When the Iran deal was completed, Republicans took on a creative exercise. The assignment: Come up with the most outrageously hyperbolic condemnation you can think of. And they aced it.
With this agreement, said Mike Huckabee, President Barack Obama "will take the Israelis and march them to the door of the oven." Under it, said Ted Cruz, "The Obama administration will become the world's leading state sponsor and financier of radical Islamic terrorism."
Huckabee's comment was so over-the-top that Jeb Bush said it was "just wrong." Cruz's charge provoked an objection from Bobby Jindal, who is not normally a model of restraint.
But Dick Cheney outdoes them all in his new book, Exceptional: Why the World Needs a Powerful America. The deal, he declares, will most likely lead to "the first use of a nuclear weapon since Hiroshima and Nagasaki."
The critics don't realize that the more extreme their characterizations the less credible they are. It's not hard to make the case that the deal is flawed and inadequate. But it's hard to pretend it is, as Cheney claims, "madness."
Two of the most interesting moments of the campaign came at the Family Leadership Summit in Ames, Iowa, in July, which several GOP presidential candidates attended. Interviewing Marco Rubio and later Cruz, Republican consultant Frank Luntz asked: "If it's that bad, why would this president do this?"
Rubio had a simple answer: "Because he wants a legacy. He is dying to build out exhibits for his presidential library." Cruz echoed him: "The answer is simple. They see this purely as a domestic political legacy and agenda."
Really? According to them, the accord is a catastrophic blunder that will empower Iran, stimulate terrorism and invite a genocidal attack on Tel Aviv. How would a presidential library turn that into a glittering triumph? How could signing articles of surrender elevate your place in history?
Cheney, hitting a familiar conservative theme, insists the Iran agreement is "tragically reminiscent" of the 1938 Munich agreement, under which British Prime Minister Neville Chamberlain allowed Nazi Germany to annex a portion of Czechoslovakia. The concession only emboldened Adolf Hitler.
But Obama, being familiar with Munich, may have noticed that 1) it didn't work and 2) Chamberlain has been notorious ever since as a foolish appeaser. If this deal has half the gruesome consequences the Republicans predict, he will spend his retirement years in disgrace, his name synonymous with monumental gullibility.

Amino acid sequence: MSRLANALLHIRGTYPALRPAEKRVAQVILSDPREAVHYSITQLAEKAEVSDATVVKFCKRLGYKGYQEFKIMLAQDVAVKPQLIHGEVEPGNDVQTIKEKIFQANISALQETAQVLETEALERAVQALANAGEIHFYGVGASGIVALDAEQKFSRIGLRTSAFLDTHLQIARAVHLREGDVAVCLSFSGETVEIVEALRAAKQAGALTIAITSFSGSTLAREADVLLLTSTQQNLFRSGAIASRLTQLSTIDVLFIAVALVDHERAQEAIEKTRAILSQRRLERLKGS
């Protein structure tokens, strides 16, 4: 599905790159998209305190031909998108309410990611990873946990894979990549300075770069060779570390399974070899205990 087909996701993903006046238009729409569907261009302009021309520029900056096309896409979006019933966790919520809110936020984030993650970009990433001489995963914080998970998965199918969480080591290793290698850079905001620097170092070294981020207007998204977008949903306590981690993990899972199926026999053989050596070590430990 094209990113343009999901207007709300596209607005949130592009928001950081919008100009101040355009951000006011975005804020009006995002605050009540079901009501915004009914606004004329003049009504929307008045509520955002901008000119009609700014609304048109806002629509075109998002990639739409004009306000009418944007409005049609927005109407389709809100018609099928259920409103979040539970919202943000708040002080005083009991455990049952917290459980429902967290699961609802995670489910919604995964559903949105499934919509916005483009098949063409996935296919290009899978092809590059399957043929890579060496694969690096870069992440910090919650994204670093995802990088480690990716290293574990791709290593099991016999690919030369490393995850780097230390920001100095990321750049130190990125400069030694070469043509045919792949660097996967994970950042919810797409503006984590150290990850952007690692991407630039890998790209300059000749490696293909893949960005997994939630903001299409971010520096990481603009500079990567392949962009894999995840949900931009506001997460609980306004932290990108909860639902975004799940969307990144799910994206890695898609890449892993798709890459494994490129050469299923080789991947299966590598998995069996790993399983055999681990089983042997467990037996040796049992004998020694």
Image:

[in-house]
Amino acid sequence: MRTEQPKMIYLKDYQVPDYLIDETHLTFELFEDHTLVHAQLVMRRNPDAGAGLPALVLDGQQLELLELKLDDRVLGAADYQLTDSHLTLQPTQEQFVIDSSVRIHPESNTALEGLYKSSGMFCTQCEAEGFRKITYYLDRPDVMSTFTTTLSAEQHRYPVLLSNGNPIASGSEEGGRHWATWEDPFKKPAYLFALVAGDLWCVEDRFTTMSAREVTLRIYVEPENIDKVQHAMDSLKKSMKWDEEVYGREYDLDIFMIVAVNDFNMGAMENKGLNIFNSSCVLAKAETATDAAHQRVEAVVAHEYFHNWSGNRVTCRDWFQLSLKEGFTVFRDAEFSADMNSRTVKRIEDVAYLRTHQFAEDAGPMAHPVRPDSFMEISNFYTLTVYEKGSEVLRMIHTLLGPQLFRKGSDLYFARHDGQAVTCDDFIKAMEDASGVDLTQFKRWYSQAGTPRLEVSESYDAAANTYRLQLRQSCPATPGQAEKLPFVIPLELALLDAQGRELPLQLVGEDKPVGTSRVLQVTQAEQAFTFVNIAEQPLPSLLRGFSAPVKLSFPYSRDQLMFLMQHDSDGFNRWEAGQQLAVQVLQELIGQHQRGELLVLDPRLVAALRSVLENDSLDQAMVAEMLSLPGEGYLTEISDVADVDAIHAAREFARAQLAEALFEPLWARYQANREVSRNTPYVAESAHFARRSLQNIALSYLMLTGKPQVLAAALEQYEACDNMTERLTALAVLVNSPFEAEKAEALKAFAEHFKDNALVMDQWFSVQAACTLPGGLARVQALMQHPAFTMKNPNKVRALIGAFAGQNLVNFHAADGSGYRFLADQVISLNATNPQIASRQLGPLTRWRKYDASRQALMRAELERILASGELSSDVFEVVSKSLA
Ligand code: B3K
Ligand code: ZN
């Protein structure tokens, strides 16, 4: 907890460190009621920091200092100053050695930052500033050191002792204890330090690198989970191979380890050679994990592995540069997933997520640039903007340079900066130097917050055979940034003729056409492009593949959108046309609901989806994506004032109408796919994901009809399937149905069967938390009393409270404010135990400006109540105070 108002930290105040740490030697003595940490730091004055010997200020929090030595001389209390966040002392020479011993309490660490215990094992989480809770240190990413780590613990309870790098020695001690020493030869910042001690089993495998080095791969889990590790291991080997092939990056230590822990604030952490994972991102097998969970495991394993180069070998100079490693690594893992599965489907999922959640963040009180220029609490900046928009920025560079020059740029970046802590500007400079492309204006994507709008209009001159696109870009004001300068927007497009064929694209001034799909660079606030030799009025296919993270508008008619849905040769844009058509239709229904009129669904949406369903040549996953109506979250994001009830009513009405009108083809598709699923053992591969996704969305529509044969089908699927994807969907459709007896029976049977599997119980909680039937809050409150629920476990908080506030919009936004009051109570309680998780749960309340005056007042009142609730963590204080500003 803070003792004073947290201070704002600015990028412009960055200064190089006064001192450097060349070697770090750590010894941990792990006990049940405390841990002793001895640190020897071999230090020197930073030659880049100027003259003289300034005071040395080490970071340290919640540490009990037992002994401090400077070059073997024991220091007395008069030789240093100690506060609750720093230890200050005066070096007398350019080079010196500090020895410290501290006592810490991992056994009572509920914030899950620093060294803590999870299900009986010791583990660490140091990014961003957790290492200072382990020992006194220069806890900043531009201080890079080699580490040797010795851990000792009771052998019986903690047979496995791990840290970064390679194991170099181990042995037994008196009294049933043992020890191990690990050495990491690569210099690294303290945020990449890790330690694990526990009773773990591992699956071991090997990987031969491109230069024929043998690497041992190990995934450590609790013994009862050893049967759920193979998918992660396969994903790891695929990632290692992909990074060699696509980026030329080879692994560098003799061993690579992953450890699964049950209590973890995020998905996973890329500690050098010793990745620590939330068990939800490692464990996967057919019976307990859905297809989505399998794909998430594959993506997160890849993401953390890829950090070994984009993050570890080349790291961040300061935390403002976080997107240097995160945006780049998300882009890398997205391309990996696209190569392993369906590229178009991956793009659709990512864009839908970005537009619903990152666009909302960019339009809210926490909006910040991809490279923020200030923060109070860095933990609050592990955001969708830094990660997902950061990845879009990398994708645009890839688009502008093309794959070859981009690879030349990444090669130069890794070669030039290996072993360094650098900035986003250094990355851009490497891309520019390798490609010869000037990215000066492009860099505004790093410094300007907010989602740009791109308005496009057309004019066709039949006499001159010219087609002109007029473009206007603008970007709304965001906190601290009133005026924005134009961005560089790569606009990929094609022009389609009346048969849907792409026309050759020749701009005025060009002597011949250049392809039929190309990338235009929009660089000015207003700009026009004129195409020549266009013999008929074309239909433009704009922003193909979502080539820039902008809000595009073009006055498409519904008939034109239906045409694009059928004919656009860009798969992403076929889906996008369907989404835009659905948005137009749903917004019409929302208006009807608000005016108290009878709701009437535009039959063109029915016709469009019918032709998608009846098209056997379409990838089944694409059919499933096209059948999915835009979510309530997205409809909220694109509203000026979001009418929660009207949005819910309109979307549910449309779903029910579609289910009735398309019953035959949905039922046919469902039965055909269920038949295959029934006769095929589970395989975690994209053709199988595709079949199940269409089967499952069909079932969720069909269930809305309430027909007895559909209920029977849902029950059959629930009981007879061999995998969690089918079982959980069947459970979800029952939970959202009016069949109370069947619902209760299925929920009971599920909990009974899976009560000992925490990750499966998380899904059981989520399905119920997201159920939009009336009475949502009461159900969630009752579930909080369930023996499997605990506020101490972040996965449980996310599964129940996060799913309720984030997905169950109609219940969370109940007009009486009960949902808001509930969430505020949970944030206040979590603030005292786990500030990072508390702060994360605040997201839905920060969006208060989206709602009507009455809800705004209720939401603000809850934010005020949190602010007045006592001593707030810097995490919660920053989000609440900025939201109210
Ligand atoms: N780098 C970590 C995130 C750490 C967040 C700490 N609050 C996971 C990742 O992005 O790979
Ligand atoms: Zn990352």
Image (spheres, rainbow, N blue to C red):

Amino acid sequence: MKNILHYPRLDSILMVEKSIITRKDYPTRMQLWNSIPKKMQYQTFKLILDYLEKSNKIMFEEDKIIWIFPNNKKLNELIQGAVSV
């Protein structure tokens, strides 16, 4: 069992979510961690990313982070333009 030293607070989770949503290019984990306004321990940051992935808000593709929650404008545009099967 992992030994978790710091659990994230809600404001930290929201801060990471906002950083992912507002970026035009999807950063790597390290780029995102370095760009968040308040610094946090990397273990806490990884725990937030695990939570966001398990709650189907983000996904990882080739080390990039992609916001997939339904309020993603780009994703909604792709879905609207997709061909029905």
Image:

The claim that he is seeking a legacy rests on the assumption that the deal will work well enough, and long enough, to resemble a great achievement. If it's going to lead straight to disaster, Obama had nothing to gain by signing it.
Assuming the president set out to engage in futile appeasement, he had an odd way of going about it. The Munich agreement was drafted and signed in a matter of days. The Iran negotiations took two years. The Munich agreement was 522 words long. This one fills 159 pages.
Had the administration been willing to settle for simply giving Iran everything it wanted, the talks would have concluded quickly and the text would be very brief.
Cheney explains this deal as part of Obama's plan to disarm and weaken America. "He has dedicated his presidency to restraining us, limiting our power and diminishing us," he writes.
This would come as a surprise to Moammar Gadhafi, Osama bin Laden and Anwar al-Awlaki, the U.S. citizen and al-Qaida leader who was killed in a targeted strike the president approved.
It would be news to the more than 2,000 people killed by drones under Obama. It might evoke doubt among the Islamic State fighters in Syria and Iraq, who have been the target of thousands of U.S. air attacks over the past year. It would puzzle Robert Gates, a Republican who ran the Pentagon under Obama as well as George W. Bush.
If the deal were a craven surrender, you would expect some of Obama's national security aides to resign in protest. You wouldn't expect it to win the endorsement of people like Colin Powell, who was secretary of state under George W. Bush and chairman of the Joint Chiefs of Staff under George H.W. Bush.
All those facts don't mean the Iran deal is a good one. They do make it clear, though, that it's a good-faith effort that has to be taken seriously. You can pretend otherwise, but it takes a wild imagination.
© Copyright 2015 by Creators Syndicate Inc.